“I know,” said a bubbly voice. “I wanted to surprise him.”
“Oh, you have,” said the roommate, chuckling.
“Rachel?!?!” David exclaimed, rising from the couch.
“Yeah, baby, it’s me,” she said, running across the room, flinging herself into his arms.
“Gwen, this is Rachel,” he offered sheepishly. “Rachel, Gwen.”
But Gwen decided not to stick around for awkward explanations or seating arrangements. She grabbed her purse and headed out the door.
She had never felt so cheap.
And really couldn’t believe she had watched Jennifer Love Hewitt for this guy.
I used to work with one of these. She meant well, but conversations with her would always go something like this: Continue reading
In my Love in the Time of Cholera post, I mentioned that I liked the quote: “A man should have two wives: one to love and one to sew on his buttons.” And I did, I thought it was funny. But sometimes a passage from a book just speaks to you, manifests your feeling, but more eloquently, says it in a way you wish but know you never could. Continue reading
Dunce One’s post about Very Bad Poetry got me thinking. Once upon a time, I used to like poetry very much, and fancied myself somewhat of a burgeoning poet. The reality is, I haven’t written or attempted to write a poem in well over a decade (life gets in the way; you know how it goes). So imagine my excitement when I came across the “¡Poetry!” group on www.Goodreads.com, a group for poetry enthusiasts to share favorite poems and ideas, as well as original works, in hopes of praise, acclaim, advice, understanding, or (one would hope at least constructive) criticism. Continue reading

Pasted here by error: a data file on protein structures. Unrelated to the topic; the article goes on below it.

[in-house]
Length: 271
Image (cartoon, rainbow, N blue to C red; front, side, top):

A couple of weeks ago, it was my great fortune and privilege to win a copy of Flash Warden and other stories, by Eileen Granfors, from Goodreads (if you have not checked out Goodreads, or are not a member, you are truly missing out. It is the second best website on the internet (you’ll never guess which one I think is first)).
Granfors introduced me to a whole new style and genre of writing, and it completely blew my mind: flash fiction, micro fiction, hint fiction. It was awesome! Continue reading
Recently, I had the opportunity to live on my own for 6 weeks. I was changing jobs and changing cities, and left my family behind to sell the house and tie up loose ends while I got started here. While of course I knew I would miss my family, I have to confess that, like young Mr. Culkin, I was kind of looking forward to having the place all to myself. Continue reading
What is the past tense of “sneak”? If you’re like me, your initial reaction is “snuck,” right? But I make a lot of these decisions quickly, and based on my inner ear. What sounds right? What sounds familiar? I grew up mostly in America, mostly among native English speakers, and mostly among American English speakers. History was not my best subject, but I know we didn’t invent the language. It’s not called “American,” after all (though I know some that would probably argue for a change there). Continue reading